Fly me to the moon


Beware the corporate jet

You know those high-flying CEOs who get free use of the corporate jet, even for personal reasons? We’ve all envied them. But maybe we ought to be doing something else — like dumping their stock.

New York University professor David L. Yermack recently crunched numbers on 237 large companies. He found that companies that give their CEOs free personal jets perform worse on the stock market than those that don’t. It is, he says, a “dramatic, almost shocking” link — and seems to be driven by investors’ disapproval of the perk. As the New York Times reports:

When companies start disclosing that they have extended this perquisite, he said, their shares drop 2 percent, on average. Then they underperform their market benchmarks by more than 4 percent a year, what he called “just an enormous gap.”

Mr. Yermack likened the effect to what might happen when a high school student gets his first car and, intoxicated by the freedom it affords him, stops studying and falls off the honor roll.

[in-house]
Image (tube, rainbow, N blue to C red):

He said he believed speculators could profit simply by betting against companies that invite their C.E.O.’s to steer clear of crowded airports. “If you sold short companies that give this perk and bought all other companies, you would really clean up,” Mr. Yermack said.

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I'm Clive Thompson, the author of Smarter Than You Think: How Technology is Changing Our Minds for the Better (Penguin Press). You can order the book now at Amazon, Barnes and Noble, Powells, Indiebound, or through your local bookstore! I'm also a contributing writer for the New York Times Magazine and a columnist for Wired magazine. Email is here or ping me via the antiquated form of AOL IM (pomeranian99).

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